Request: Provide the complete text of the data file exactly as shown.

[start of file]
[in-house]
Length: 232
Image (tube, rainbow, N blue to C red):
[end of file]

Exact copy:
[in-house]
Length: 232
Image (tube, rainbow, N blue to C red):